DP15050 How Much Does COVID-19 Increase with Mobility? Evidence from New York and Four Other US Cities
|Author(s):||Edward L Glaeser, Caitlin Gorback, Stephen J. Redding|
|Publication Date:||July 2020|
|Keyword(s):||Cities, COVID-19, mobility|
|JEL(s):||H12, I12, J17, R41|
|Programme Areas:||International Trade and Regional Economics|
|Link to this Page:||cepr.org/active/publications/discussion_papers/dp.php?dpno=15050|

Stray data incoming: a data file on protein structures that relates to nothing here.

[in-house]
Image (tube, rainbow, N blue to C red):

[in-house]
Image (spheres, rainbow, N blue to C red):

How effective are restrictions on geographic mobility in limiting the spread of the COVID-19 pandemic? Using zip code data for Atlanta, Boston, Chicago, New York (NYC), and Philadelphia, we estimate that total COVID-19 cases per capita decrease on average by approximately 20 percent for every ten percentage point fall in mobility between February and May 2020. To address endogeneity concerns, we instrument for travel by the share of workers in remote work friendly occupations, and find a somewhat larger average decline of COVID-19 cases per capita of 27 percent. Using weekly data by zip code for NYC and a panel data specification including week and zip code fixed effects, we estimate a similar average decline of around 17 percent, which becomes larger when we measure mobility using NYC turnstile data rather than cellphone data. We find substantial heterogeneity across both space and over time, with stronger effects for NYC, Boston and Philadelphia than for Atlanta and Chicago, and the largest estimated coefficients for NYC in the early stages of the pandemic.